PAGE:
HOW TO CARE FOR RUNNER BEANS
Runner Beans are extremely easy to care for and make an ideal vegetable for novice and experienced gardeners to grow. Providing support for the runner beans to climb up is one of the primary tasks. Strange though it may seem, runner beans are programmed by nature to twist up poles, stems and similar items. They are not programmed to grow up netting and don't do very well when netting is their only support. When starting them off remember that they are also programmed to spiral up the poles in a clockwise direction (when viewed from below). If you try and twist them round support in the other direction they will try to untwist themselves!
SUPPORTING RUNNER BEANS
There is a rumour going round that what happens in the Northern Hemisphere (where the UK is) is not necessarily what happens in the Southern Hemisphere, for instance Australia, as far as runner beans are concerned. Well I can confirm from personal experience that runner beans twist and grow in exactly the same direction (clockwise when viewed from below) there as well. They do exactly the same wherever you are in world.
We described on the previous page some of the common shapes for supporting runner beans. In most cases the tendrils of the bean plants attach to bamboo canes of their own accord and entwine themselves around them. Occasionally they do need some help and gently tying them to the canes will do the job.
WATERING, FEEDING AND CARE OF RUNNER BEANS
Runner bean plants need lots of water, one look at the amount of foliage per plant will tell you that. If the weather becomes dry water them once a week with lots and lots of water. Weed around the base of the plant to reduce competition from weeds. In early July when the plants have established themselves a good mulch with well-rotted organic matter will conserve water, reduce weeds and provide some body to the soil when it is dug in at the end of the year. A layer of mulch 3cm / 1½ deep is not too much, 5cm / 2in is even better.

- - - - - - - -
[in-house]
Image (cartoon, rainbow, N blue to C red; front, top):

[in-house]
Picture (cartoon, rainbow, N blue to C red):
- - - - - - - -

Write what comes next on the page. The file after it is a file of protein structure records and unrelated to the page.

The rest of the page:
The actual runner beans will begin to appear late June to mid-July but this is very dependent on the variety grown, the weather conditions in your area of the UK and when you managed to plant them out. For example we live near Warwick, an area just slightly cooler than average in the UK, and the variety we grew was Lady Di. The first signs we saw of small runner beans was on on July 9th.
The next best thing you can do to your runner bean plant is to harvest very frequently. Many people end up with a glut of runner beans but it would be better if they picked the beans when they were immature, say about 17cm / 7in long.
This would reduce the harvest at any one point in time but the young beans are the tastiest of all and the time of harvest will be extended. The rule with runner beans is to pick them young even if you cannot eat them. Unused ones can be put on the compost heap.
Harvest the beans using a pair of scissors to avoid damaging the stem by pulling on the plant. They will keep well in the fridge for a couple of days although are always best eaten on the day of harvest. Click here for some of our favourite recipes for runner beans.
NEXT PAGE – RECOMMENDED VARIETIES OF RUNNER BEANS
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